32. Keenan, J.R.; Reams, A.G.; Achard, F.; de Freitas, V.J.; Grainger, A.; Lindquist, E. Dynamics of global forest area: Results from the FAO Global Forest Resources Assessment 2015. For. Ecol. Manag. 2015, 352, 9–20. [Google Scholar] [CrossRef]
  33. Bastin, J.F.; Berrahmouni, N.; Grainger, A.; Maniatis, D.; Mollicone, D.; Moore, R.; Patriarca, C.; Picard, N.; Sparrow, B.; Abraham, E.M.; et al. The extent of forest in dryland biomes. Science 2017, 356, 635–638. [Google Scholar] [CrossRef]
  34. FAO. Global Forest Resources Assessment 2020: Main Report; FAO: Rome, Italy, 2020. [Google Scholar] [CrossRef]
  35. Kayler, Z.; Janowiak, M.; Swanston, C. Global Carbon. (June 2017). U.S. Department of Agriculture, Forest Service, Climate Change Resource Center. 2017. Available online: (accessed on 27 November 2023).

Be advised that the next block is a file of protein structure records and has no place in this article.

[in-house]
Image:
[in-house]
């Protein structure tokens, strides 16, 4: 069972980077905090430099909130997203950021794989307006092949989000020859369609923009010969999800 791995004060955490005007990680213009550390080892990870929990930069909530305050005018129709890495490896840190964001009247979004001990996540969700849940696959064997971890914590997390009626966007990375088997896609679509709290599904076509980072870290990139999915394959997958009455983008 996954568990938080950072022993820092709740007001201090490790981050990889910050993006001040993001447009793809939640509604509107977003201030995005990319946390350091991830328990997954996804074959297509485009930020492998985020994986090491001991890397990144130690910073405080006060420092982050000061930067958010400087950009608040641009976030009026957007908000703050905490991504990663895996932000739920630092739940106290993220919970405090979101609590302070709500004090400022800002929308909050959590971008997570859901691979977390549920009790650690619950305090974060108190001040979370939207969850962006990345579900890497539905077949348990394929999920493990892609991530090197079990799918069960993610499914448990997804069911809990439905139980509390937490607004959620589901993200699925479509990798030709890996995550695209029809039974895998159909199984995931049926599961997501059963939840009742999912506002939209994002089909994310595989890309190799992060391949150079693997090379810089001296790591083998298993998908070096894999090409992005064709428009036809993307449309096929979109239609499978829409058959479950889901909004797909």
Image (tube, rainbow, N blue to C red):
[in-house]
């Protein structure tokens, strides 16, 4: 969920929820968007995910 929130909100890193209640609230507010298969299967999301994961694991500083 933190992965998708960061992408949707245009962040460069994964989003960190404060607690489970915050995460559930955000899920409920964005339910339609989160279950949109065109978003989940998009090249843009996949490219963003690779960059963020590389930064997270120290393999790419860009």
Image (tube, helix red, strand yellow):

36. Mäkipää, R.; Abramoff, R.; Adamczyk, B.; Baldy, V.; Biryol, C.; Bosela, M.; Casals, P.; Yuste, C.J.; Dondini, M.; Filipek, S.; et al. How does management affect soil C sequestration and greenhouse gas fluxes in boreal and temperate forests?—A review. For. Ecol. Manag. 2023, 529, 120637. [Google Scholar] [CrossRef]
  37. Pugh, T.A.; Lindeskog, M.; Smith, B.; Poulter, B.; Arneth, A.; Haverd, V.; Calle, L. Role of forest regrowth in global carbon sink dynamics. Proc. Natl Acad. Sci. USA 2019, 116, 4382–4387. [Google Scholar] [CrossRef] [PubMed]
  38. Harris, N.L.; Gibbs, D.A.; Baccini, A.; Birdsey, R.A.; de Bruin, S.; Farina, M.; Fatoyinbo, L.; Hansen, M.C.; Herold, M.; Houghton, R.A.; et al. Global maps of twenty-first century forest carbon fluxes. Nat. Clim. Chang. 2021, 11, 234–240. [Google Scholar] [CrossRef]
  39. Mayer, M.; Prescott, C.E.; Abaker, W.E.; Augusto, L.; Cécillon, L.; Ferreira, G.W.; James, J.; Jandl, R.; Katzensteiner, K.; Laclau, J.P.; et al. Tamm Review: Influence of forest management activities on soil organic carbon stocks: A knowledge synthesis. For. Ecol. Manag. 2020, 466, 118127. [Google Scholar] [CrossRef]